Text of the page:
In order to reduce greenhouse effect and contribution to global warming through the use of refrigerants, Europe introduced new gas laws "F-Gas Regulations" in early 2015. The goal is to gradually move from R410A to R32 refrigerant and further in the future to more environmentally friendly refrigerants.
To see the complete picture of refrigerants, one has to go back to the past when air conditioners used the R-22 refrigerant, popularly called 'freon'. This cooling medium was abandoned because it had a negative effect on ozone and was replaced by the R-410A, which is still in use today. The R-410A refrigerant is not ozone-depleting, but has a relatively high GWP coefficient (global warming potential) of 2088. This is why a new 'environmentally friendly' R32-grade refrigerant was made. Its GWP stands at 675, and it is another medium following the downward trend of GWP towards 1 (CO2 gas amount), which is being sought after by the air-conditioning industry.
In addition, the R32 refrigerant provides slightly better heat transfer, resulting in higher energy efficiency. R32 is a one-component coolant, making it easier to reuse and recycle. In addition, it is relatively cheap to manufacture, easier to handle because it does not dissolve and it also uses known technology thus keeping costs similar. For this reason, it is easier for air conditioners to meet the requirements for A +++ energy class, and for manufacturers the cost of refrigerant is lower in the total cost of production.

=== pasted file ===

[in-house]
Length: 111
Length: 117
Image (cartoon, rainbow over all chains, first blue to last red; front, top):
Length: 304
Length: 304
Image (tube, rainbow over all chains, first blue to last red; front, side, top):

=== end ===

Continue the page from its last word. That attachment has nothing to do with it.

Each refrigerant has strong and weak points which also differ depending on the type of product being targeted. Many major air conditioner manufacturers have found that the R32 is the optimal choice for use in their products because:
- it has low GWP (675)
- zero ozone depletion potential (ODP)
- is ideal for the next generation of equipment
- offers greater efficiency and better works with longer piping
- is compliant with "F-Gas Regulations"
- requires a smaller refrigerant volume per Kw
- is affordable and easily accessible